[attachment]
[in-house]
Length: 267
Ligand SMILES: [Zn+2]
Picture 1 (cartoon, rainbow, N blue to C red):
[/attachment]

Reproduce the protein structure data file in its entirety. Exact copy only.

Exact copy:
[in-house]
Length: 267
Ligand SMILES: [Zn+2]
Picture 1 (cartoon, rainbow, N blue to C red):